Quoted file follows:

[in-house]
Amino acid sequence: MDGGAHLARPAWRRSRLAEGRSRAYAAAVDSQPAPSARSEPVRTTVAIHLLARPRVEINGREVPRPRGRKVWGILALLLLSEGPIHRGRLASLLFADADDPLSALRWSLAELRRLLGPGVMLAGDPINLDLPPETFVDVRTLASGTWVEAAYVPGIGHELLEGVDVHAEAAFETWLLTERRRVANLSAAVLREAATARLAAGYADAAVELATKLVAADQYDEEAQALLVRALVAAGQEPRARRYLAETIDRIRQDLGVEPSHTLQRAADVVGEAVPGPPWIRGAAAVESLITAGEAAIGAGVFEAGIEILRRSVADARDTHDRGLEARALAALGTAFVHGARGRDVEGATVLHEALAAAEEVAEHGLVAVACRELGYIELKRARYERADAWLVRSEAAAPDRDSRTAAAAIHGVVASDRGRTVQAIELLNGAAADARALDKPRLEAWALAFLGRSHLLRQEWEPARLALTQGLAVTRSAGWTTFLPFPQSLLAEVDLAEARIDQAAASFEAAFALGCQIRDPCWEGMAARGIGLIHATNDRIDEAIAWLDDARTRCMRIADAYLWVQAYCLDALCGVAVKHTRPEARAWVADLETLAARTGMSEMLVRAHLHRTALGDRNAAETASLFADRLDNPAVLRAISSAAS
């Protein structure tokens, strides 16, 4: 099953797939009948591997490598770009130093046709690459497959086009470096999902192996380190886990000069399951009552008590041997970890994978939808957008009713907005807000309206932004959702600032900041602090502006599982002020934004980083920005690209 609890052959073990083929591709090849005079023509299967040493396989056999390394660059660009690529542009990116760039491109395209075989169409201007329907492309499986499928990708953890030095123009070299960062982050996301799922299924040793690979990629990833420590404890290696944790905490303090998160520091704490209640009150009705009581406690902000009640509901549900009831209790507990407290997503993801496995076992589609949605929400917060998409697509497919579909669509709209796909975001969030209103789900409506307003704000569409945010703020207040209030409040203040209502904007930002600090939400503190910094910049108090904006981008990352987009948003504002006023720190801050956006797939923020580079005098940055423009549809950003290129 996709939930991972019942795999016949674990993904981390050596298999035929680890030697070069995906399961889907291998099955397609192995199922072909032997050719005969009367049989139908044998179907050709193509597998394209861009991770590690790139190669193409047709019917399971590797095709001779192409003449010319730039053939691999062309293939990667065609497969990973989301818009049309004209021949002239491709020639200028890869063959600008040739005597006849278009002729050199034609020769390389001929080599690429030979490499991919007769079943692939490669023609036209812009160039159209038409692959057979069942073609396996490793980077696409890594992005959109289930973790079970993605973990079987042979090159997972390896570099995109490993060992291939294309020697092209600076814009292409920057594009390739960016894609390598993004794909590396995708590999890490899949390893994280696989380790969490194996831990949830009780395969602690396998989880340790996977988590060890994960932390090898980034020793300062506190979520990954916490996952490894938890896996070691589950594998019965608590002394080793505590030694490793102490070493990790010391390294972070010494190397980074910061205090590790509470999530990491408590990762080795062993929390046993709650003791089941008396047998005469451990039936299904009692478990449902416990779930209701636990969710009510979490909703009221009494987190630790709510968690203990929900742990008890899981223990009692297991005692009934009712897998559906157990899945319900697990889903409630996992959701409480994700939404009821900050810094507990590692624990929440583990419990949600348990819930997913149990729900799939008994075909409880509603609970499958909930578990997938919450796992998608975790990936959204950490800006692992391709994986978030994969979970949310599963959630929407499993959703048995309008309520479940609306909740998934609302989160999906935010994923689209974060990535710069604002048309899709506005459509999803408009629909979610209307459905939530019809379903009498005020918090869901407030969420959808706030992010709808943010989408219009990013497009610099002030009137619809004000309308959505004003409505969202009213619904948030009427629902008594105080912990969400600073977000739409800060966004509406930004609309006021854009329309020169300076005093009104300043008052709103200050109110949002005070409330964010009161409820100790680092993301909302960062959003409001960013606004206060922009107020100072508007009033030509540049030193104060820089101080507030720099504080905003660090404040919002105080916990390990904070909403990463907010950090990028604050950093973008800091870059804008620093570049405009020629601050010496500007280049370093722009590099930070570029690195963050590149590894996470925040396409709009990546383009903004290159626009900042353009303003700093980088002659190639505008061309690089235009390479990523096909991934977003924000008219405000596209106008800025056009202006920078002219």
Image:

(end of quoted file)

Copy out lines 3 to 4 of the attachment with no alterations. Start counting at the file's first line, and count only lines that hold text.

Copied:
């Protein structure tokens, strides 16, 4: 099953797939009948591997490598770009130093046709690459497959086009470096999902192996380190886990000069399951009552008590041997970890994978939808957008009713907005807000309206932004959702600032900041602090502006599982002020934004980083920005690209 609890052959073990083929591709090849005079023509299967040493396989056999390394660059660009690529542009990116760039491109395209075989169409201007329907492309499986499928990708953890030095123009070299960062982050996301799922299924040793690979990629990833420590404890290696944790905490303090998160520091704490209640009150009705009581406690902000009640509901549900009831209790507990407290997503993801496995076992589609949605929400917060998409697509497919579909669509709209796909975001969030209103789900409506307003704000569409945010703020207040209030409040203040209502904007930002600090939400503190910094910049108090904006981008990352987009948003504002006023720190801050956006797939923020580079005098940055423009549809950003290129 996709939930991972019942795999016949674990993904981390050596298999035929680890030697070069995906399961889907291998099955397609192995199922072909032997050719005969009367049989139908044998179907050709193509597998394209861009991770590690790139190669193409047709019917399971590797095709001779192409003449010319730039053939691999062309293939990667065609497969990973989301818009049309004209021949002239491709020639200028890869063959600008040739005597006849278009002729050199034609020769390389001929080599690429030979490499991919007769079943692939490669023609036209812009160039159209038409692959057979069942073609396996490793980077696409890594992005959109289930973790079970993605973990079987042979090159997972390896570099995109490993060992291939294309020697092209600076814009292409920057594009390739960016894609390598993004794909590396995708590999890490899949390893994280696989380790969490194996831990949830009780395969602690396998989880340790996977988590060890994960932390090898980034020793300062506190979520990954916490996952490894938890896996070691589950594998019965608590002394080793505590030694490793102490070493990790010391390294972070010494190397980074910061205090590790509470999530990491408590990762080795062993929390046993709650003791089941008396047998005469451990039936299904009692478990449902416990779930209701636990969710009510979490909703009221009494987190630790709510968690203990929900742990008890899981223990009692297991005692009934009712897998559906157990899945319900697990889903409630996992959701409480994700939404009821900050810094507990590692624990929440583990419990949600348990819930997913149990729900799939008994075909409880509603609970499958909930578990997938919450796992998608975790990936959204950490800006692992391709994986978030994969979970949310599963959630929407499993959703048995309008309520479940609306909740998934609302989160999906935010994923689209974060990535710069604002048309899709506005459509999803408009629909979610209307459905939530019809379903009498005020918090869901407030969420959808706030992010709808943010989408219009990013497009610099002030009137619809004000309308959505004003409505969202009213619904948030009427629902008594105080912990969400600073977000739409800060966004509406930004609309006021854009329309020169300076005093009104300043008052709103200050109110949002005070409330964010009161409820100790680092993301909302960062959003409001960013606004206060922009107020100072508007009033030509540049030193104060820089101080507030720099504080905003660090404040919002105080916990390990904070909403990463907010950090990028604050950093973008800091870059804008620093570049405009020629601050010496500007280049370093722009590099930070570029690195963050590149590894996470925040396409709009990546383009903004290159626009900042353009303003700093980088002659190639505008061309690089235009390479990523096909991934977003924000008219405000596209106008800025056009202006920078002219």
Image: